W3C home > Mailing lists > Public > public-html@w3.org > April 2010

Re: Change definition of URL to normatively reference IRI specification using a well-defined interface

From: Ted Hardie <ted.ietf@gmail.com>
Date: Wed, 21 Apr 2010 15:12:13 -0700
Message-ID: <t2k6e04e83a1004211512qccff2da4u2384350db499f090@mail.gmail.com>
To: Sam Ruby <rubys@intertwingly.net>
Cc: public-html <public-html@w3.org>, "public-iri@w3.org" <public-iri@w3.org>
Hi Sam,

My apology for the delay; somehow this thread was not updating, so I missed
your question until I manually checked the archive to see if my posting of the
minutes came through.  I'll confirm with Marc on the description and get the
tickets opened.

regards,

Ted

On Wed, Apr 14, 2010 at 1:16 PM, Sam Ruby <rubys@intertwingly.net> wrote:
> On 04/08/2010 09:40 PM, Ian Hickson wrote:
>>
>> On Thu, Apr 8, 2010 at 9:31 AM, Ted Hardie<ted.ietf@gmail.com>  wrote:
>>>
>>> my understanding is that the correct next step will be to describe this
>>> issue
>>> in a way that we can track.
>>
>> I've tried to write descriptions of the two issues. Please let me know
>> if you need any further advice on the matter.
>
> Ted, I would appreciate any feedback the IRIbis WG may have on this input.
>
> - Sam Ruby
>
>> Issue 1:
>> ========================================================================
>> Update the IRI specification to define an algorithm with the following
>> characteristics:
>>
>>   Input:
>>     * a string
>>
>>   Output:
>>     * a boolean representing whether the algorithm succeeded or failed
>>     * if the algorithm succeeded, one or more strings corresponding to
>>       the following components, each of which may be present or absent:
>>       -<scheme>  component
>>       -<host>  component
>>       -<port>  component
>>       -<hostport>  component
>>       -<path>  component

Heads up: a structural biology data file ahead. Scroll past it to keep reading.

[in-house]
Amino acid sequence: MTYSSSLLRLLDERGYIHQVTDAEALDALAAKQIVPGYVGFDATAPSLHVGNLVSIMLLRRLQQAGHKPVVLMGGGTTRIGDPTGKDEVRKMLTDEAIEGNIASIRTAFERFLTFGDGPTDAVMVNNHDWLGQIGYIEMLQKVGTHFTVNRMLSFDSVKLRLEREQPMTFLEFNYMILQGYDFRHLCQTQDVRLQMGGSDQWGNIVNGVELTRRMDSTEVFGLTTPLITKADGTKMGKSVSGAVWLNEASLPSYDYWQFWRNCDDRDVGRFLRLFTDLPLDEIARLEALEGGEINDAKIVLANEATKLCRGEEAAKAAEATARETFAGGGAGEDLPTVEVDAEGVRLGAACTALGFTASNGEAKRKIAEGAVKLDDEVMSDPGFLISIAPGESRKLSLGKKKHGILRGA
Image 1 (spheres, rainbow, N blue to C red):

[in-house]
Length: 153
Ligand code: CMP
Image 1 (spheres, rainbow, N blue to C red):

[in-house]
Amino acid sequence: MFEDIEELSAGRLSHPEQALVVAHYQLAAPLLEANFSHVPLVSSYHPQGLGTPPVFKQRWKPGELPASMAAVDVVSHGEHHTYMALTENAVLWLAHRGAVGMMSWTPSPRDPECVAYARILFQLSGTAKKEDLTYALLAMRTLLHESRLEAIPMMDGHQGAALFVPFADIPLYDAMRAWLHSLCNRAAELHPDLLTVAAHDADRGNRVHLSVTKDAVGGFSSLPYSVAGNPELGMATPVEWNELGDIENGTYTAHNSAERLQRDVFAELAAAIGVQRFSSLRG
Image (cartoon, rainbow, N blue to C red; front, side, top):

>>       -<query>  component
>>       -<fragment>  component
>>       -<host-specific>  component
>>
>> This algorithm must be such that it can be used where HTML5 says "the
>> user agent must use the parse an address algorithm defined by the IRI
>> specification" in a manner that user agents including major browser
>> vendors will be willing to implement the algorithm as written.
>>
>> Exactly what this algorithm must do is a matter that will need careful
>> research, reverse-engineering existing UAs.
>>
>> The algorithm needs to be defined in such a way that it can be
>> referenced unambiguously by name. For example, text such as the
>> following could be used to introduce this algorithm:
>>
>>    When a specification says that a user agent is to *parse an
>>    address*, given a string INPUT, it must run the following steps,
>>    which return a failure/success condition and a set of components:
>>
>>     ...
>>
>> This gives a completely unambiguous and clear way to invoke the
>> algorithm described in the spec, along with RFC2119-level clarity
>> regarding what such invokations imply for the user agent.
>> ========================================================================
>>
>> Issue 2:
>> ========================================================================
>> Update the IRI specification to define an algorithm with the following
>> characteristics:
>>
>>   Input:
>>     * a string A
>>     * a string B, which was previously output from this algorithm
>>     * a character encoding
>>
>>   Output:
>>     * a boolean representing whether the algorithm succeeded or failed
>>     * if the algorithm succeeded, a string
>>
>> This algorithm must be such that it can be used where HTML5 says "the
>> result of applying the resolve an address algorithm defined by the IRI
>> specification to resolve url relative to base using encoding encoding"
>> in a manner that user agents including major browser vendors will be
>> willing to implement the algorithm as written.
>>
>> Exactly what this algorithm must do is a matter that will need careful
>> research, reverse-engineering existing UAs.
>>
>> The algorithm needs to be defined in such a way that it can be
>> referenced unambiguously by name. For example, text such as the
>> following could be used to introduce this algorithm:
>>
>>    When a specification says that a user agent is to *resolve an
>>    address", given a string INPUT, a second string BASE, and a
>>    character encoding ENCODING, it must run the following steps, which
>>    return a failure/success condition and a string:
>>
>>     ..."
>>
>> This gives a completely unambiguous and clear way to invoke the
>> algorithm described in the spec, along with RFC2119-level clarity
>> regarding what such invokations imply for the user agent.
>> ========================================================================
>>
>> HTH,
>
>
>
>
>
>
Received on Wednesday, 21 April 2010 22:18:58 UTC

This archive was generated by hypermail 2.3.1 : Monday, 29 September 2014 09:39:17 UTC